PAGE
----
Slayings of 2 officers trigger backlash against protesters
The execution-style shootings of two NYPD officers in Brooklyn on Saturday has triggered a backlash from critics who blame protesters for inciting violence against police.
The deaths of the two officers came at a time when the city is dealing with heightened tensions between law enforcement, the public and some city officials. Mayor Bill de Blasio and the Rev. Al Sharpton have drawn sharp criticism from police union officials and others.
Rep. Peter King (R-Seaford) accused the mayor of creating a climate that is "hostile to police." He says de Blasio and Sharpton failed to condemn extreme anti-police statements during the recent protests of the police-involved deaths of Eric Garner and Michael Brown.
The police unions of both Nassau and New York City have both sought to draw links between the murders on Saturday and some radical protesters who called for violence against police.
Before the shootings in Brooklyn, investigators say the gunman posted comments that were "very anti-police" on social media accounts, and referenced Garner and Brown.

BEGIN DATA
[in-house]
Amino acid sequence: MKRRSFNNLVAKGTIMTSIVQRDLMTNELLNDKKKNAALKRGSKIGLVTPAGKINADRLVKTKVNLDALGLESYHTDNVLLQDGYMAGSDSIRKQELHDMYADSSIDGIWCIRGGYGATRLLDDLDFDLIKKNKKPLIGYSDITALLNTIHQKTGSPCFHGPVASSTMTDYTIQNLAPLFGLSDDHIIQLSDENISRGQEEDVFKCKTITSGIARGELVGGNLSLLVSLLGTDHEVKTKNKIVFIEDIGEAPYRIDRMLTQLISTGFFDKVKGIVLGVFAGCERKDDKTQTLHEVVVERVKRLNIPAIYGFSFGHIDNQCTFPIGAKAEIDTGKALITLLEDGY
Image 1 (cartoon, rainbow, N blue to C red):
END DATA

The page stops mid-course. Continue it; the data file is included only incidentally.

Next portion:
Sharpton and the family of Eric Garner spoke on Sunday to condemn the killings of two NYPD officers, and said they do not condone violence.
Many supporters of the recent protests have expressed worries that the backlash could derail their movement. Members of the Perfecting Faith Church in Freeport were among those who took part in a large demonstration last weekend in Washington. Like most other demonstrators, Pastor Donnie McClurkian says his group protested peacefully, but says what he heard from some in the crowd made him "remorseful" for being there.
McClurkian says his group went to march against injustice, not the police. He says pastors across Long Island now need to come up with a unified message of peace.
Mayor de Blasio called Monday for a pause in the protests over police conduct until after the two officers killed in Brooklyn have been laid to rest.